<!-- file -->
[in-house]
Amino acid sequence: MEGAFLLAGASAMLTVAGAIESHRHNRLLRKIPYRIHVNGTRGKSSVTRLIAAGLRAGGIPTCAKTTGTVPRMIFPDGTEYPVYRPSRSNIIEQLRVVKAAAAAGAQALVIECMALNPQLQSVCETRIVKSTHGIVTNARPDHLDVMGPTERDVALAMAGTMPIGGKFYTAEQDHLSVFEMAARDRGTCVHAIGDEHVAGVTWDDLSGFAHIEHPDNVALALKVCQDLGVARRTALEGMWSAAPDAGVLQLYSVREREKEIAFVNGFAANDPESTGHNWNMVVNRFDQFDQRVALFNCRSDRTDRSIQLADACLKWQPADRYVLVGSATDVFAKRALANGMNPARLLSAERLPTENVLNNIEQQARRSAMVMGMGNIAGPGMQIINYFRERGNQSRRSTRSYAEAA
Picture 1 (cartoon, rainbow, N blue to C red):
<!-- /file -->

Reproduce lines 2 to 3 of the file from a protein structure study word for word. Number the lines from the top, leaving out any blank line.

Amino acid sequence: MEGAFLLAGASAMLTVAGAIESHRHNRLLRKIPYRIHVNGTRGKSSVTRLIAAGLRAGGIPTCAKTTGTVPRMIFPDGTEYPVYRPSRSNIIEQLRVVKAAAAAGAQALVIECMALNPQLQSVCETRIVKSTHGIVTNARPDHLDVMGPTERDVALAMAGTMPIGGKFYTAEQDHLSVFEMAARDRGTCVHAIGDEHVAGVTWDDLSGFAHIEHPDNVALALKVCQDLGVARRTALEGMWSAAPDAGVLQLYSVREREKEIAFVNGFAANDPESTGHNWNMVVNRFDQFDQRVALFNCRSDRTDRSIQLADACLKWQPADRYVLVGSATDVFAKRALANGMNPARLLSAERLPTENVLNNIEQQARRSAMVMGMGNIAGPGMQIINYFRERGNQSRRSTRSYAEAA
Picture 1 (cartoon, rainbow, N blue to C red):